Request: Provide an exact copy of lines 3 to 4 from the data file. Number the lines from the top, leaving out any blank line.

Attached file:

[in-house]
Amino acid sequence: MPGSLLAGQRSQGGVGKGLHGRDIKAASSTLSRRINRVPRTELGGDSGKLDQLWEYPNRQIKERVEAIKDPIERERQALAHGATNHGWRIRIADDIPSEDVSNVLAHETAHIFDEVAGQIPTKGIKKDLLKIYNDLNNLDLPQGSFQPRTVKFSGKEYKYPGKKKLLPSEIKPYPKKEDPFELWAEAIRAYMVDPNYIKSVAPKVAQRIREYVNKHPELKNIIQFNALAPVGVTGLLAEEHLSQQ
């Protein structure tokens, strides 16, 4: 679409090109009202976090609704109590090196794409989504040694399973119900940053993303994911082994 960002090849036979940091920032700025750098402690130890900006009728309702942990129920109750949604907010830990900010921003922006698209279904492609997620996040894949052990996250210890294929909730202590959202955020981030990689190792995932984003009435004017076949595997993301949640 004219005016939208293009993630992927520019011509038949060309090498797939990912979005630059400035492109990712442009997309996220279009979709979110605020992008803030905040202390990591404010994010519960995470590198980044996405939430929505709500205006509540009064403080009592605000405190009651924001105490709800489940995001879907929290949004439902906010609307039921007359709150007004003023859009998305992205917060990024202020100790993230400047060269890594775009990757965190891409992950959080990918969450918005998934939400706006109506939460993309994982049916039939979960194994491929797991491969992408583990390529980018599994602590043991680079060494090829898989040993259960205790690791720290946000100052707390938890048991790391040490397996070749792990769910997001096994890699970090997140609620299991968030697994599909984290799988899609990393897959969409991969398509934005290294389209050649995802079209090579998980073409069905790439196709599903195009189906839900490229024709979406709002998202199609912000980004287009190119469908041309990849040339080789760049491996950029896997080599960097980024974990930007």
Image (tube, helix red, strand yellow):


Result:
């Protein structure tokens, strides 16, 4: 679409090109009202976090609704109590090196794409989504040694399973119900940053993303994911082994 960002090849036979940091920032700025750098402690130890900006009728309702942990129920109750949604907010830990900010921003922006698209279904492609997620996040894949052990996250210890294929909730202590959202955020981030990689190792995932984003009435004017076949595997993301949640 004219005016939208293009993630992927520019011509038949060309090498797939990912979005630059400035492109990712442009997309996220279009979709979110605020992008803030905040202390990591404010994010519960995470590198980044996405939430929505709500205006509540009064403080009592605000405190009651924001105490709800489940995001879907929290949004439902906010609307039921007359709150007004003023859009998305992205917060990024202020100790993230400047060269890594775009990757965190891409992950959080990918969450918005998934939400706006109506939460993309994982049916039939979960194994491929797991491969992408583990390529980018599994602590043991680079060494090829898989040993259960205790690791720290946000100052707390938890048991790391040490397996070749792990769910997001096994890699970090997140609620299991968030697994599909984290799988899609990393897959969409991969398509934005290294389209050649995802079209090579998980073409069905790439196709599903195009189906839900490229024709979406709002998202199609912000980004287009190119469908041309990849040339080789760049491996950029896997080599960097980024974990930007």
Image (tube, helix red, strand yellow):